The pupil numbers used to convert £ million figures to £ per pupil are those underlying the SSA/EFS settlement calculations plus PLASC 3-year-old maintained pupils and estimated 3 to 4-year-olds funded through state support in maintained and other educational institutions where these are not included in the SSA pupil numbers.
Rounding: Figures are rounded to the nearest 10.
Status: 2003–04 and 2004–05 figures are provisional as some grants have not yet been finalised/audited.

Mr. Hoyle: To ask the Secretary of State for Education and Skills how much was spent on teaching of (a) science, (b) history, (c) mathematics, (d) religious education and (e) physical education in Lancashire in each year since 1997. [216055]

Mr. Stephen Twigg: My Department does not collect this information.
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Ethnic Minorities

Keith Vaz: To ask the Secretary of State for Education and Skills what assessment she has made of the extent to which her Department's policies are meeting the needs of ethnic minorities. [205720]

Derek Twigg: My Department is fully committed to equality and diversity and to meeting our obligations under the Race Relations (Amendment) Act. We recognise that through evaluating our policies and processes thoroughly, we go a long way to achieving this.

Like many public bodies, we have an obligation to publish a Race Equality Scheme every three years. This requires us to examine all our policies and functions to identify those that are most likely to impact adversely on black and minority ethnic people, prioritise their significance and develop action plans to address the problem. The Department updates its action plan within the scheme annually in the light of the latest evidence.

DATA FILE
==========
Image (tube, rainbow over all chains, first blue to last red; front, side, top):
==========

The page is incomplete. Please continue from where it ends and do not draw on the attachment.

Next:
We are currently working on the Department's new scheme, to be published by the end of May 2005, in accordance with the statutory requirements. In doing so, each programme in the Department has assessed its functions and policies framed around the Department's five year strategy, for their contribution to race equality. A full Department-wide examination of our policies will continue to be made every three years and the results will be published and available on the Department's website.

In addition the Department is committed to the process of Race Impact Assessment, an example of which can be seen in our published assessments within the higher education sector.

EU Committees

Angus Robertson: To ask the Secretary of State for Education and Skills how many times during the (a) Italian, (b) Irish and (c) Dutch presidency of the EU the Advisory Committee on vocational training met; when and where these meetings took place; what UK Government expert was present; and if she will make a statement. [216285]

Mr. Ivan Lewis: The EU Advisory Committee on Vocational Training (ACVT) met (a) once during the Italian presidency (26–27 November 2003), (b) once during the Irish presidency (23–24 June 2004), and (c) once during the Dutch presidency (25–26 November 2004). All of these meetings took place in Brussels. In each case an official from the DfES attended. Officials from the TUC and CBI represent the UK trade unions and employers. The ACVT is a tripartite committee of Government, employer and trade union representatives. It was set up by Council Decision 63/266/EEC dated 2 April 1963 which laid down general principles for implementing a common vocational training policy across the EU. This decision was superseded by Council Decision 2004/223/EC dated 26 February 2004 which laid down new rules to take account of enlargement of the EU. For further information, please refer to the series of Command Papers on prospects for the EU—Cm6174 (April 2004), Cm6310 (September 2004) and Cm6450 (February 2005), which cover the periods of the above presidencies and are available on the FCO website at: